All Washed Up: A Lament for Those Soap Sisters

“Poor Old Helen Trent,” a fellow webjournalist exclaimed the other day. It is right and proper to join in this lament; not only was she single, middle-aged, and beset by troubles into which she was drawn each quarter hour to tease but never quite satisfy those members of the radio audience who had the morbid curiosity that is a requisite for serial listening. She now has very little to show for all those years of turmoil. While still recalled by many who used to follow her getting nowhere fast, she is very nearly silenced today, with only a few chapters of the long-running serial readily available to anyone desirous to catch up. Even worse is the fate of Stella Dallas (pictured), who does not get a single mention in Robert C. Allen’s Speaking of Soap Operas (1985), one of the books I consulted for the occasion.

When I began to research American radio drama and narrative (there is something dissatisfying to me in the term “radio drama,” considering the importance of the narrator in most of these fictions), I wondered whether I would ever get to hear the programs I had hoped to write about. In my recovery efforts, I went so far as to dig up MA theses and dissertations written during the 1930s, ‘40s, and ‘50s, if only to marvel at the material accessible to a student tuning in back then. Sure, I could have asked some of the old ladies whose Manhattan apartments I was cleaning back then; but, my memory being less than elephantine, I have come to distrust the recollections of others and much rather consult contemporary sources. One such is “The Radio Serial,” an unpublished thesis by Stanley Robert Rowe, who received his MS in 1949 from Boston University.

As Rowe puts it, his “treatise is based upon six weeks of regular listening in July and August 1948 to all the dramatic serials offered by the two radio networks which broadcast them [i.e. NBC and CBS].” Can you imagine? Six weeks with Stella Dallas, Helen Trent, and Ma Perkins! These days, one has to make due with isolated chapters; and, in some cases, with less.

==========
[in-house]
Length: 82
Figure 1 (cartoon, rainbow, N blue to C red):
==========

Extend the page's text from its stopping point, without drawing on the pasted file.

In the summer of 1948, over thirty daytime serials were being broadcast each weekday over CBS and NBC alone. Beginning at 10:30 AM and concluding at 5:45 PM, NBC presented, in order of their broadcast time, the serials Road of Life, Joyce Jordan, MD, This Is Nora Drake, We Love and Learn, Lora Lawton, Claudia, Today’s Children, Light of the World, Life Can Be Beautiful, Ma Perkins, Pepper Young’s Family, Right to Happiness, Backstage Wife, Stella Dallas, Lorenzo Jones, Young Widder Brown, When a Girl Marries, Just Plain Bill, and Front Page Farrell.

CBS began airing its line-up of serials at 11:45 AM; by 3:15 PM, listeners could tune in to Rosemary, Wendy Warren, Aunt Jenny, Helen Trent, Our Gal Sunday, Big Sister, Ma Perkins, Young Doctor Malone, Guiding Light, Second Mrs. Burton, Perry Mason, This Is Nora Drake, Evelyn Winters, David Harum, and Hilltop House.

Now, why would anyone be willingly subjected to such programs? Why, to have something to say about them, of course. Stating his “reason for wanting to listen to all the serials,” Rowe explained:

First, I hoped to have as many examples as possible to substantiate and illustrate any conclusions I reached; and also, I wished to be able to write authoritatively about all the serials offered on a nation-wide network and determine the range and variety they represented. Far too much criticism is made of radio which is based on too little actual knowledge of the medium and its programs. In auditing all the radio serials, I hoped to be able to avoid sweeping generalizations which overlooked significant exceptions.

Yes, this is how writing about radio needs to start: with listening. Which, alas, is precisely why I have to remain silent about poor Stella Dallas and her sudsy sisterhood . . .

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